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Linux® For Dummies®, 8th Edition by Richard Blum, Dee-Ann LeBlanc

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Chapter 10. Using the Internet

In This Chapter

  • Browsing the Web

  • Checking and sending e-mail

  • Grabbing files

  • Sending instant messages

  • Talking across the Internet

Give a man a fish and you feed him for a day; teach him to use the Net, and he won’t bother you for weeks.

Anonymous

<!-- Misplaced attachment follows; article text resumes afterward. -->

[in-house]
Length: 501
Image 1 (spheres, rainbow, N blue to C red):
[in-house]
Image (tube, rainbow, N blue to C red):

The Internet is a vast network of computers that spans the globe. Many different types of computers and operating systems work together to allow you access to information across the Internet. Linux, along with the other related UNIX operating systems, has long supported and worked with the Internet. Practically all the different services available on the Internet are available from your Linux desktop.

When you install Linux (see Chapter 3), one or more Web browsers, mail programs, and instant messaging tools are placed onto your new system. In this chapter, I introduce you to some tools you can use to access different services on the Internet, such as accessing Web sites, using e-mail, investigating newsgroups, and utilizing FTP — assuming that your Internet connection is configured (see Chapter 9).

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